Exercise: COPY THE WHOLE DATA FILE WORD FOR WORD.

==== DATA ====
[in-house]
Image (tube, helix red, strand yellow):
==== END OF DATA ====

[in-house]
Image (tube, helix red, strand yellow):